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What do the Airbnb, Lyft, and Uber layoffs mean for Seattle engineering outposts?

Published on May 12, 2020

Downtown Seattle, WA.
Seattle has been experiencing unusually high temperatures in recent years, which impact lower-income communities the most. Image Credit: pxfuel. DMCA

Silicon Valley engineering outposts have added an interesting dynamic to Seattle’s burgeoning tech community over the past 15 years. More than 125 of these centers now operate from Bellevue to Belltown, representing thousands of tech workers at companies such as Apple, eBay, HBO, Oracle and Sonos, according to GeekWire data.

But in the era of COVID-19 — with layoffs hitting tech companies and office expansion cooling — the future of at least some of these outposts as an engine for tech job growth is uncertain.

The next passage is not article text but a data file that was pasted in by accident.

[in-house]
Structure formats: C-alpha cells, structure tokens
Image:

This is especially the case as hard hit companies like Uber, Lyft, Compass and Airbnb — all of which have expanded to Seattle in recent years — cut workforces.

If the engineering centers pull back on hiring, it may weaken the tech talent pipeline coming into Seattle and stunt the growth of the region’s tech ecosystem more broadly. It also could allow some opportunistic companies — those who are accelerating their offerings and benefitting from the pandemic — to expand.

University of Washington computer science professor Ed Lazowska has closely watched the growth of Seattle’s engineering centers for years.

“It’s going to be a tough few years for everyone, and this includes much of tech. There will be less hiring,” said Lazowska, adding that “we have seen this movie before — in 2000 and in 2008.”

Even with that grim prognosis, Lazowska said that “the factors that make Seattle attractive for engineering centers are factors that persist.”


Continue reading at GeekWire.

Originally written by Taylor Soper for GeekWire.
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